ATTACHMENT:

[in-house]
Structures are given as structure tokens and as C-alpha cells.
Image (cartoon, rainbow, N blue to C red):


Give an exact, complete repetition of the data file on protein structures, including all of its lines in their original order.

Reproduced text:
[in-house]
Structures are given as structure tokens and as C-alpha cells.
Image (cartoon, rainbow, N blue to C red):